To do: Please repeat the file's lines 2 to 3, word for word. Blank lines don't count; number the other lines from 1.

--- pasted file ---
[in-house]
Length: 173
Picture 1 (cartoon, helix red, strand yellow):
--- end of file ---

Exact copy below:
Length: 173
Picture 1 (cartoon, helix red, strand yellow):